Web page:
As a web developer, you know very well the need to debug your code. We often use external libraries for logs, and to format and/or display them in some cases, but the console of our browsers is much more powerful than we think.
When we think about the console, the first thing that comes to mind and the console.log, right? But there are many more methods than those we imagine. Now we will see how to make the most of using the console, and I’ll give you some tips to make these methods more readable.
What Is The Console?
- View a log of errors and warnings that occur on a web page.
- Debug applications and traverse the DOM directly in the browser.
- Inspect and analyze network activity
Console.log, Console.error, Console.warn and Console.info
These are probably the most used methods of all. You can pass more than one parameter to these methods. Each parameter is evaluated and concatenated in a string delimited by the space, but in case of objects or arrays, you can navigate between their properties.
This method allows you to group a series of console.logs (but also error info, and so on) under a group that can be collapsed. The syntax is really very simple: just enter all the console.log we want to group before a console.group() (or console.groupCollapsed() if we want it to be closed by default). Then add a console.groupEnd() at the end to close the group.
Since I discovered the console.table my life has changed. Displaying JSON or very large JSON arrays inside a console.log is a terrifying experience. The console.table allows us to visualize these structures inside a beautiful table where we can name the columns and pas them as parameters.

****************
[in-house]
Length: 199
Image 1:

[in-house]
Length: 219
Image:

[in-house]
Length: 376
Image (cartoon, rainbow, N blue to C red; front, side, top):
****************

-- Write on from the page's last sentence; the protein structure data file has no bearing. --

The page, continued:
Console.count, Console.time and Console.timeEnd
These three methods are the Swiss army knife for every developer who needs to debug. The console.count counts and outputs the number of times that count() has been invoked on the same line and with the same label. The console.time starts a timer with a name specified as an input parameter, and can run up to 10,000 simultaneous timers on a given page. Once initiated, we use a call to console.timeEnd to stop the timer and print the elapsed time to the Console.
Console.trace and Console.assert
These methods simply print a stack trace from the point where it was called. Imagine you are creating a JS library and want to inform the user where the error was generated. In that case, these methods can be very useful. The console.assert is like the console.trace but will print only if the condition passed didn’t pass.
Delete all the Consoles ?
Using consoles often forces us to eliminate them. Or sometimes we forget about the production build (and only notice them by mistake days and days later). Of course, I do not advise anyone to abuse consoles where they are not needed (the console in the change input handle can be deleted after you see that it works). You should leave error logs or trace logs in development mode to help you debug. I use Webpack a lot, both at work and in my own projects. This tool allows you to delete all the consoles that you do not want to remain (by type) from the production build using the uglifyjs-webpack-plugin?